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Week of 10.9.09

Living Wills and Advance Directives: What You Need to Know

Caring Connections provides information on advance directives in each state. Select yours from the drop down menu. [pdfs]
This information is excerpted from the Caring Connections website.

What are Advance Directives?

A living will allows you to document your wishes concerning medical treatments at the end-of-life.

Before your living will can guide medical decision-making, two physicians must certify:
  • You are unable to make medical decisions,
  • You are in the medical condition specified in the state's living will law (such as "terminal illness" or "permanent unconsciousness"),
  • Other requirements also may apply, depending upon the state.
A medical power of attorney (or healthcare proxy) allows you to appoint a person you trust as your healthcare agent (or surrogate decision maker), who is authorized to make medical decisions on your behalf.

Before a medical power of attorney goes into effect, a person's physician must conclude that they are unable to make their own medical decisions. In addition:
  • If a person regains the ability to make decisions, the agent cannot continue to act on the person's behalf.
  • Many states have additional requirements that apply only to decisions about life-sustaining medical treatments.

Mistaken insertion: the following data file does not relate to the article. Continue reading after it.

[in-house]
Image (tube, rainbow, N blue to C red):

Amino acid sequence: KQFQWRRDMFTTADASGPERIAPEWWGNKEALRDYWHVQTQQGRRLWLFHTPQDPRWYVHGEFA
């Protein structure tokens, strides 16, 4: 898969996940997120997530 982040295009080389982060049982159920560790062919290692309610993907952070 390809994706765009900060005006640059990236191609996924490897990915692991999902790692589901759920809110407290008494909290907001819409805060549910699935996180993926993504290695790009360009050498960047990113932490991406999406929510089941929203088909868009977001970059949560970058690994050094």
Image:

• For example, before your agent can refuse a life-sustaining treatment on your behalf, a second physician may have to confirm your doctor's assessment that you are incapable of making treatment decisions.
What Else Do I Need to Know?
  • Advance directives are legally valid throughout the United States. While you do not need a lawyer to fill out an advance directive, your advance directive becomes legally valid as soon as you sign them in front of the required witnesses. The laws governing advance directives vary from state to state, so it is important to complete and sign advance directives that comply with your state's law. Also, advance directives can have different titles in different states.
  • Emergency medical technicians cannot honor living wills or medical powers of attorney. Once emergency personnel have been called, they must do what is necessary to stabilize a person for transfer to a hospital, both from accident sites and from a home or other facility. After a physician fully evaluates the person's condition and determines the underlying conditions, advance directives can be implemented.
  • One state's advance directive does not always work in another state. Some states do honor advance directives from another state; others will honor out-of-state advance directives as long as they are similar to the state's own law; and some states do not have an answer to this question. The best solution is if you spend a significant amount of time in more than one state, you should complete the advance directives for all the states you spend a significant amount of time in.